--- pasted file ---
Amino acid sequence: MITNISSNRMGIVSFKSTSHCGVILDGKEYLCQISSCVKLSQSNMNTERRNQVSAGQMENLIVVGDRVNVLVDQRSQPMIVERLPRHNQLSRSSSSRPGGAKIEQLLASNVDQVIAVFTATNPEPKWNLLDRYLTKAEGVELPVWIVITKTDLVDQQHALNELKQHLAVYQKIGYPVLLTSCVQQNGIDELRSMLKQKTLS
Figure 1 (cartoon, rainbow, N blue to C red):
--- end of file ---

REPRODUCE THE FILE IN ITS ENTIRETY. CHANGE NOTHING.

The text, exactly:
Amino acid sequence: MITNISSNRMGIVSFKSTSHCGVILDGKEYLCQISSCVKLSQSNMNTERRNQVSAGQMENLIVVGDRVNVLVDQRSQPMIVERLPRHNQLSRSSSSRPGGAKIEQLLASNVDQVIAVFTATNPEPKWNLLDRYLTKAEGVELPVWIVITKTDLVDQQHALNELKQHLAVYQKIGYPVLLTSCVQQNGIDELRSMLKQKTLS
Figure 1 (cartoon, rainbow, N blue to C red):